Acute Myeloid Leukemia



Acute Myeloid Leukemia


Gladstone E. Airewele

C. Philip Steuber



EPIDEMIOLOGY

Acute myeloid leukemia (AML) represents approximately 20% of all leukemia diagnosed in children. In the United States, about 500 new cases are diagnosed annually in children less than 15 years old. Unlike acute lymphoid leukemia (ALL), the incidence of AML remains stable from birth until 10 years of age, and the disease occurs with equal frequency in boys and girls and in the various ethnic groups. The factors that lead to the development of AML are unknown in the overwhelming majority of cases, but certain conditions and exposures are known to predispose to AML (Box 301.1). In general, AML cells are more resistant to chemotherapy compared to ALL, and the therapy for childhood AML has not reached the degree of success achieved for ALL. Nevertheless, major therapeutic improvements have occurred in the last 20 years, and the overall long-term survival now approaches 50% to 60% in some studies. This improvement has been due largely to clinical trials conducted by various childhood cancer treatment groups and also to improvement in general supportive-care capabilities.


PATHOPHYSIOLOGY

AML is the result of a clonal proliferation of a hematopoietic precursor cell. The abnormal proliferation results in an accumulation of immature myeloid cells that are incapable of differentiating into mature cells. Although the precise pathophysiology of AML development is not completely understood, as in other malignancies, this abnormal proliferation results from a series of mutations affecting genes that are responsible for regulating the proliferation and differentiation of the hematopoietic stem cell. The term AML includes a variety of leukemia subtypes that are designated by apparent cell of origin (Table 301.1).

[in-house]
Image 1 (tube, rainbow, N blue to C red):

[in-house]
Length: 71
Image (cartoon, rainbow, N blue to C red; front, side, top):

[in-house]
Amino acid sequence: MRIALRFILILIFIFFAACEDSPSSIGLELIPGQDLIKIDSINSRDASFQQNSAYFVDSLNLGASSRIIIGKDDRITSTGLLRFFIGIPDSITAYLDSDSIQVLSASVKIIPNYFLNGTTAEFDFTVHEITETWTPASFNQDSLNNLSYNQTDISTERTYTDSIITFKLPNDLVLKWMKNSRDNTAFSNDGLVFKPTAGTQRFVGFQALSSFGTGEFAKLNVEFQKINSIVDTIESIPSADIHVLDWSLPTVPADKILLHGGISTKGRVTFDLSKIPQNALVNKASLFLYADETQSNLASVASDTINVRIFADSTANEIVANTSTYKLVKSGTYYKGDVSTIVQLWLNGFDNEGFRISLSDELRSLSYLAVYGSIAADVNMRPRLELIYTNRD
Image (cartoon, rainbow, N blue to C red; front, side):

TABLE 301.1. THE FAB CLASSIFICATION SYSTEM WITH TYPICAL IMMUNOPHENOTYPING


























































FAB Type Morphologic Designation Relative Frequency Histochemistry Typical Immunophenotyping [CD, Cluster Designation]
M0 Myeloblastic leukemia–minimally differentiated <5% MPO SB NSE PAS Myeloid markers: [CD13, CD33, CD34]+ T-cell markers: [CD2, CD3, CD7]+ or B-cell markers: [CD10, CD19, CD20]
M1 Myeloblastic leukemia–without maturation 15–20% MPO+ SB+ NSE PAS Myeloid markers: [CD13, CD33, CD34]+ T-cell markers: [CD2, CD3, CD7]+ or B-cell markers: [CD10, CD19, CD20]
M2 Myeloblastic leukemia–with maturation 25–30% MPO+ SB+ NSE PAS Myeloid markers: [CD13, CD33, CD34]+ T-cell markers: [CD2, CD3, CD7]+ or B-cell markers: [CD10, CD19, CD20]
M3 Promyelocytic leukemia 5–10% MPO+ SB+ NSE PAS Myeloid markers: [CD13, CD33, CD34, CD117]+ T-cell markers: [CD2, CD3, CD7]+ or B-cell markers: [CD10, CD19, CD20]
M4 Myelomonocytic leukemia 25–30% MPO+ SB+ NSE+ PAS Myeloid markers: [CD11b, CD13, CD14, CD33, CD34]+ T-cell markers: [CD2, CD3, CD7]+ or B-cell markers: [CD10, CD19, CD20]
M5 Monocytic leukemia 15–20% MPO+ SB+ NSE+ PAS Myeloid markers:[CD 11b, CD13, CD14, CD33, CD34]+ T-cell markers:[CD2, CD3, CD7]+ or B-cell markers:[CD10, CD19, CD20]
M6 Erythroleukemia <5% MPO SB NSE+ PAS+ Myeloid markers: [CD13, CD33, CD34]+ T-cell markers: [CD2, CD3, CD7]+ B-cell markers: [CD10, CD19, CD20] Erythroid marker: Glycophorin A +
M7 Megakaryoblastic 5–10% MPO SB NSE+ PASPlatelet peroxidase+ Myeloid markers: [CD13, CD33, CD34]+ T-cell markers: [CD2, CD3, CD7]+ B-cell markers: [CD10, CD19, CD20] Megakaryocytic markers: [CD41/61, CD42]+
MPO, myeloperoxidase; SB, Sudan black; NSE, nonspecific esterase; PAS, periodic acid-Schiff.

Jul 24, 2016 | Posted by in ORTHOPEDIC | Comments Off on Acute Myeloid Leukemia
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